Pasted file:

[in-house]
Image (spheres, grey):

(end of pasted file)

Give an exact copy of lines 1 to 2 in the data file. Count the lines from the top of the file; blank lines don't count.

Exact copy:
[in-house]
Image (spheres, grey):